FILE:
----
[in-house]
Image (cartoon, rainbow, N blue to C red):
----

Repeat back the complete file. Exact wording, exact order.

[in-house]
Image (cartoon, rainbow, N blue to C red):